On Friday 27 March 2020 the Government announced that, due to COVID-19, everyone in Ireland should stay at home until 12 April 2020 except in a limited number of situations. One of the exceptions is where an individual is considered an essential worker and needs to travel to and from work.

Workers in the categories of 'essential services' are permitted to leave their homes to "travel to and from work, or for the purposes of work, only where the work is an essential service and cannot be done from home".

Essential Services

The published list of essential services covers 16 industries (detailed below). Within each category, the Government has detailed in more specific terms the services it deems essential.

The list is not described as non-exhaustive and should be read as the complete account of essential services. However, the Government guidance does acknowledge that organisations that carry out an activity that is necessary for the continued provision of an essential service by another organisation, or that is part of an essential supply chain (including global supply chains), should continue to carry out that activity. While it is intended that any such roles are encompassed in the guidance, advice should be sought where an organisation cannot conclusively determine from to the list if it qualifies as one that provides an essential service.

The list of retail outlets that are considered essential services has been curtailed. Certain categories of retailers (such as opticians and hardware stores) previously classed as essential are now only permitted to offer an emergency call-out or delivery service. Restaurants can continue to provide takeaway and delivery services in line with previous guidance.

1. Agriculture and Fishing

2. Manufacturing

3. Repair and installation of Machinery and Equipment

4. Electricity, Gas and Water

5. Construction

6. Wholesale and Retail Trade

7. Transport Storage and Communication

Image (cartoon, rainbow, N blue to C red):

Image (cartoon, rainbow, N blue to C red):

8. Accommodation and Food Services

9. Information and Communications

10. Financial and legal activities

11. Professional, Scientific and Technical activities

12. Rental and Leasing Activities

13. Administrative and Support Services

14. Public Administration and Defence

15. Human health and social work activities

16. Community/Voluntary Services

Employer guidance

Where an organisation concludes that it provides an essential service, it should take the following steps in relation to its employees on foot of the new restrictions:

  1. Identify the employees (and sub-contractors/other forms of workers) that are critical to the provision of the essential service and notify them accordingly. This can be done by category of employee or by individual; it could also include all employees in the organisation.
  2. Identify the employees that can work remotely from home. Travel to work is only permissible if the work cannot be completed from home. Where some or all employees can work from home, they should be told that they must (continue to) do so.
  3. Identify the individuals that must travel to work to provide the essential service. Issue a letter to those employees that they can produce to the authorities on request that confirms their designation as an essential worker. While an appropriate form of letter has not been prescribed, we recommend it includes the name and role of the employee; the name and workplace address of the organization; and contact details for a senior member of management who can be contacted in the event of any queries. The employees should be told to carry ID, which can be produced in support of the letter.
  4. Continue to follow the latest public health guidance at all times. This includes ensuring that employees can perform their duties at a distance of at least two metres from any other employee, customer or other individual. Employers should also facilitate employees in enforcing physical distancing measures at their place of work where required, for example directing and proving guidance/practical assistance to employees in managing customer que control.

Where an employer is not engaged in the provision of an essential service, they have until 6pm on Monday 30 March to wind down their activities in an orderly way. However, it is accepted that a longer wind-down period will be needed in some exceptional circumstances, for example in complex manufacturing processes or very large construction projects.

As with all COVID-19 Government instructions, the above detailed guidance will be kept under ongoing review.